The returned medal tally is now 561.

03 October 2009

WWI Trio

The WWI trio awarded to 3533 PTE James Henry Douglas Wigginton came to me from an unusual source. They were found in a military barracks in Tasmania, they have been court mounted for display in recent years. The concerned Army officer who found them had no idea where they came from so contacted me. Wigginton came from Sydney, however, there is a letter on his service record from a Millie Wigginton, dated 1950, saying that she has moved to Tasmania for health reasons. She also write that James was killed in a work place accident at the Commonwealth Bank in Martin Place Sydney. Millie says that all she has is his medals and this explains how they came to be in Tasmania.
Wigginton had a hard time during his service. As can be seen in his service record he spent a lot of time in hospital for appendicitis, septic foot, shell shock and VD. He was also court martialed for being AWOL and sentenced to 6 months detention.
Medals returned tally is now 560.

A very small research world

I've had the WWII medals and dog tags belonging to NX109001 Peter O'Halloran for several years. They were sent to my after being found in a WA tip. Bill has been chipping away and a post on our favorite family research web site drew an almost immediate reply from a member who knows the family. I'm sure there is more to this story and I'll post it when I have all the details.
Medal returned tally is now 557.

30 September 2009

Another international return

51892 Joseph Zaltzman was one of those Australian servicemen who is not from the typical Anglo-Saxon background but none the less answered the call to serve. Born in Petricov, Russia, he moved to Australia and served in the RAAF. His family settled in Israel, however, Joseph became a nationalised Australian. He died in 1970 in Sydney.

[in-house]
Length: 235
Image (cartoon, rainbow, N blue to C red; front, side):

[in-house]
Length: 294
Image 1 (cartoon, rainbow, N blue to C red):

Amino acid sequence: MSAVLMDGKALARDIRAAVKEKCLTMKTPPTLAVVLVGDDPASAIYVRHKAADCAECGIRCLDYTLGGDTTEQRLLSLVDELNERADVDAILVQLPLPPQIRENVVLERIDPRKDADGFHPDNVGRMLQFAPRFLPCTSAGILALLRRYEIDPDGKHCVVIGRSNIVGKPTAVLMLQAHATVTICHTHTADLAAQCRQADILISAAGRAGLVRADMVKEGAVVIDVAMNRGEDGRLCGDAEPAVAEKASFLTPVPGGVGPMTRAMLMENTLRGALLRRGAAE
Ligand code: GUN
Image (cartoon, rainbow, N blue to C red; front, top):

We ran in to many dead ends while searching for his family and as it turned out a misspelling of his surname when he died did not help us.
Today I received a fantastic email from one of Joseph's relatives who lives in Tel Aviv. They had come across Joseph's name on our website.
The medals have had a bit of a hard life and as can be seen in the pictures the suspenders have been broken off.
The last photo has been provided to me by the family. The man in the suit is Joseph, the picture was taken overlooking the Bay of Haifa and taken around 1960-61 when Joseph visted his family in Israel.
The returned medal tally is now 554.

Norris update

Recently we returned a WWI trio awarded to 1028 Lance Sergeant William Norris. The family have very kindly provided some photos that make this story come to life. The following is the contents of an email I received:
'I thought the attached pictures of the field hospital at Rennes in 1917, presumably taken with Father's camera, might be of interest. My father is the one with his arm in a sling (because of the shrapnel damage). The snaps were sent to my mother by one of the nurses in the picture. She remembered how he helped more seriously wounded patients.'
Thank you Barbara.

26 September 2009


This pair of WWI medals was awarded to 3678 CPL Arthur Frederick Atkins who was Prisoner of War after being listed as missing in action in April 1917. He was eventually repatriated in December 1918. As you can see by the pictures the ribbons have deteriorated considerably.
Medal returned tally is now 552.

17 September 2009

A punt that paid off

I recently received the WWII War Medal awarded to NX135212 Joseph William Browning. It was sent to me from a contact in Australia Post who forwards me medals that come loose in the mail. All I could find out about Browning is that he was from Lismore, NSW.
I've previously had considerable luck locating people in this region by placing a letter to the editor in the Northern Star paper. So I took a punt and wrote to them again and sure enough they published my letter in this mornings edition and tonight I received emails from two of his daughters. I'll return the medal to the family very soon. In the picture you will see a 'D' after Browning's name, this indicates the medal is an officially issued duplicate.
The medal tally is now 550.

16 September 2009

WWI Trio

The WWI trio awarded to 1028 Lance Sergeant William Richard Norris come with a very interesting story. When I first accessed his service record I came across a very unusual entry. Norris was court martialed for possessing a camera and taking photos. Today every soldier has a camera on them and they take photos of everything. To read about this particular is a real reflection of the times. Norris was also wounded in action and I'm told by his daughter that he carried shrapnel in his shoulder all his life.